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As a grand finale, I ask Coelho to choose between two scenarios. One in which Brazil win a World Cup in which the organization is a hot mess; another in which Brazil are not victorious yet the tournament is considered a national triumph. The broadcaster grimaces, sighs, then slumps, placing his chin into his hand. Finally, I have asked a question which has stumped the oracle. "That is such a good question," he says. "I am honestly worried about my profession if Brazil loses the World Cup. When we failed to win the last time we hosted in 1950, Brazilian soccer experienced a depression in which fans stopped going to stadiums and no one wanted to talk about football. Our game is at such a transitional point right now where we have money and could really become one of the top four most important leagues in the world, but if we lose, attendances will slump and the game will spiral."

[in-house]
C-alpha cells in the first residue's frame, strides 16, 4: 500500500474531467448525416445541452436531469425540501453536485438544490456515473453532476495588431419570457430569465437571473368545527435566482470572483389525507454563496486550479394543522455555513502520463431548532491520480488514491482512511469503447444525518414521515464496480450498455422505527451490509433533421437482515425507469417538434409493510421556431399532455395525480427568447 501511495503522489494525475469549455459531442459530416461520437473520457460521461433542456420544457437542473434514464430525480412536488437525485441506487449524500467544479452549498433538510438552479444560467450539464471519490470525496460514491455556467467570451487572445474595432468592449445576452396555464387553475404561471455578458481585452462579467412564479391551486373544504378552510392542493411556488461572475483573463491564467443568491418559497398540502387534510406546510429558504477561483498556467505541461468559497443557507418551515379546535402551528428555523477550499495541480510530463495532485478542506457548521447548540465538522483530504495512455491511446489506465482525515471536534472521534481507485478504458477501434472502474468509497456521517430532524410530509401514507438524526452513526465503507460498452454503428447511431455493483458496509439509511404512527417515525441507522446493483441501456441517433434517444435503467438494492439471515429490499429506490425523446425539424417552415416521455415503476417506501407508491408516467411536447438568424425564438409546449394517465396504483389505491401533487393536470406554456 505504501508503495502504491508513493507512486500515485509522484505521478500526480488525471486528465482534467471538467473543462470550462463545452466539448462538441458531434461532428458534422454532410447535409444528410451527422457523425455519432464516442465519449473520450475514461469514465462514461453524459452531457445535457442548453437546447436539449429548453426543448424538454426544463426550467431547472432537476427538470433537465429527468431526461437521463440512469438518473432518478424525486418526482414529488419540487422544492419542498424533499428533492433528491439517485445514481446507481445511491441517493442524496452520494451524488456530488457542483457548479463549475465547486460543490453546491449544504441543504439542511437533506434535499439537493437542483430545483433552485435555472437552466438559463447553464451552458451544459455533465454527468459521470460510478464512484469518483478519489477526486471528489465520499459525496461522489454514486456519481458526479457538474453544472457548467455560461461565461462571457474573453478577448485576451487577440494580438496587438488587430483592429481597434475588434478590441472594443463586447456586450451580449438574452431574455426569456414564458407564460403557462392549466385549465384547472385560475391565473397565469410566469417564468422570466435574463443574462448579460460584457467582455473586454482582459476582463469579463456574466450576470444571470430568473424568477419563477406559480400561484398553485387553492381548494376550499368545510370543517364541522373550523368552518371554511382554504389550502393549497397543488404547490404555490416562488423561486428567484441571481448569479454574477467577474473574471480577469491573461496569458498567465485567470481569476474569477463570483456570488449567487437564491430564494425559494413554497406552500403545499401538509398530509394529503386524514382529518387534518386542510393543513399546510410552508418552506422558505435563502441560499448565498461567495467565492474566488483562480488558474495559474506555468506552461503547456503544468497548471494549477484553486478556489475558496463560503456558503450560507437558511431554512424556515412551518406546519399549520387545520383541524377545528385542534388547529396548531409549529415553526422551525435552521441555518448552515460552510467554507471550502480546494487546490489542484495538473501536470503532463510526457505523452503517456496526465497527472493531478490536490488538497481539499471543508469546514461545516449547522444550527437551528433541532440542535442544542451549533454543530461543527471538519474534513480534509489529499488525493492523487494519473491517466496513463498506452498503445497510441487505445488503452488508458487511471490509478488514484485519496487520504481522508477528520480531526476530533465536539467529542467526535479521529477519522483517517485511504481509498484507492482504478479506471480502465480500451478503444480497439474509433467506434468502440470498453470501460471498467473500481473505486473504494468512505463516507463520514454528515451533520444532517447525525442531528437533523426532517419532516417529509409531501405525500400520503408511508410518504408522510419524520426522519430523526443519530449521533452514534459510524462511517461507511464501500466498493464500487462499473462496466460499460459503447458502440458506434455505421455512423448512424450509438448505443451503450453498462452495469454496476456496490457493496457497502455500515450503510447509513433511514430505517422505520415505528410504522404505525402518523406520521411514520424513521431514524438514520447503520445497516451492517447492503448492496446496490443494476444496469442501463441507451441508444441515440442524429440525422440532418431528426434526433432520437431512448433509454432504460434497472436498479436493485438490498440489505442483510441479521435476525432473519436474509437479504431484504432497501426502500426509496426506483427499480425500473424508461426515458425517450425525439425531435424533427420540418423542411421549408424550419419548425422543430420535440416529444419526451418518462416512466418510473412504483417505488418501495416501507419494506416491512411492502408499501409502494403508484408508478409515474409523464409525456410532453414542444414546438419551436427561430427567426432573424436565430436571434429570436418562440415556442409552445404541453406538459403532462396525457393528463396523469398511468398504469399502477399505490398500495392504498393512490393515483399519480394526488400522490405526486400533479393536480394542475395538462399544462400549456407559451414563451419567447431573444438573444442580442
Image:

Coelho takes a moment to reflect before making his decision. "The best thing is a well-organized World Cup. I am a Brazilian. I want you to go home having seen the diversity of this great country." He has snapped out of his brief funk. Straightening his shoulders, he mentions a song, "The one that won the Carnival in 1961, 'Aquarela Brasileira.'" Before I know what is going on, he starts serenading me in Portuguese:
"Look at this marvel of a setting
It's a sacred episode
Which the artist, in a brilliant dream
Chose for this carnival
And the asphalt as a catwalk
Will be the canvas for Brazil in watercolor form."
"That is what I want the World Cup to be remembered for," he states with absolute conviction, "that Brazil is a great country, with many problems, yes, but that it is full of good." Proof that even for a man like PVC, some things in life are more important than football.